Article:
Remarriage and Effects of Cohabitation on Alimony (An Ex in a New Relationship)

There is a lot of misinformation and misconception regarding the effects of cohabitation on alimony. Many divorced men and women want to know if they will still be receiving or paying spousal support if their ex remarries or moves into a new relationship.

While wives are asking if they can still get alimony if they move in and start living with a new boyfriend, the husbands are also asking if they can cut off alimony if their ex starts living with another man?

To fully understand the effects, you have to know what it means to cohabitate (living together) with a new partner or outright remarriage. Also, you have to understand the statutes of different state alimony laws.

What Defines Living Together?

Living together or cohabitation refers to sharing a residence that serves as a primary place of abode for the concerned partners, and it has a significant effect on alimony payment.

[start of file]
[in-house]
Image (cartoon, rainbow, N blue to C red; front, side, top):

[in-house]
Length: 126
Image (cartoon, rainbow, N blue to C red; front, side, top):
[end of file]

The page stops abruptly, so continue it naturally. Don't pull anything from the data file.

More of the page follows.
The legal right to occupy the facility does not have to be in the names of both living-together partners. Even if one or both of them have other locations to reside, two individuals can live together.

In the eye of the law, couples living together are assumed to continue to live together even if one of them leaves the shared house with the intention of returning.

What Is Cohabitation in Alimony?

The legal definition of cohabitation differs by state. Cohabitation is defined as two persons living in the same house in a marriage-like relationship, sharing expenses, but not legally married.

What Is Cohabitation

a romantic or sexually intimate relationship is deemed cohabitation